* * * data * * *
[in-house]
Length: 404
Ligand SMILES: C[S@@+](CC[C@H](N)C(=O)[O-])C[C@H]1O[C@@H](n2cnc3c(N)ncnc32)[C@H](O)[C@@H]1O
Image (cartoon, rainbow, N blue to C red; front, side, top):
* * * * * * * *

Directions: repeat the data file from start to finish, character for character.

[in-house]
Length: 404
Ligand SMILES: C[S@@+](CC[C@H](N)C(=O)[O-])C[C@H]1O[C@@H](n2cnc3c(N)ncnc32)[C@H](O)[C@@H]1O
Image (cartoon, rainbow, N blue to C red; front, side, top):